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Two Sioux tribal leaders are calling for the removal of the faces of U.S. presidents carved into Mount Rushmore, saying the monument in South Dakota’s Black Hills is an insult to their people and a stain on sacred land.
What are the details?
The Argus Leader interviewed Oglala Sioux President Julian Bear Runner last week, to get the tribal leader’s take on President Donald Trump visit to Mount Rushmore during an upcoming Independence Day celebration at the monument.
Bear Runner said he is not only against the president’s visit, he wants the attraction displaying the etched faces of Presidents George Washington, Thomas Jefferson, Theodore Roosevelt, and Abraham Lincoln removed altogether—carefully.
“I don’t believe it should be blown up, because it would cause more damage to the land,” Bear Runner told the newspaper, reiterating that the faces on Mount Rushmore should be “removed but not blown up.”
Cheyenne River Sioux Tribe Chairman Harold Frazier agrees. In a statement released Monday, Frazier wrote that “nothing stands as a greater reminder to the Great Sioux Nation of a country that cannot keep a promise or treaty then (sic) the faces carved into our sacred land on what the United States calls Mount Rushmore.”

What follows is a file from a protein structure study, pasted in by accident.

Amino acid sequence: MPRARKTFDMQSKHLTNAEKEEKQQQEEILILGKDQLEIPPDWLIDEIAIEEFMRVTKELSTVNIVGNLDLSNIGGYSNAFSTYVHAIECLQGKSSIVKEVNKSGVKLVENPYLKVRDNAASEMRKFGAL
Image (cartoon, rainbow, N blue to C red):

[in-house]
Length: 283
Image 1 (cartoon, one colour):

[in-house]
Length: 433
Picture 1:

Frazier added, “Visitors look upon the faces of those presidents and extoll the virtues that they believe make America the country it is today. Lakota see the faces of the men who lied, cheated and murdered innocent people whose only crime was living on the land they wanted to steal.”
According to The New York Times:
Native Americans have long criticized the sculpture, in part because it was built on what had been Indigenous land. And more recently, amid a nationwide movement against racism that has toppled statues commemorating Confederate general and other historical figures, some activists have called for Mount Rushmore to close.
South Dakota Gov. Kristi Noem (R) said last week that her office had already seen threats on social media targeting Mount Rushmore for destruction by activists. When the prospect of the monument being “blown up” was raised on social media, Noem declared, “Not on my watch.”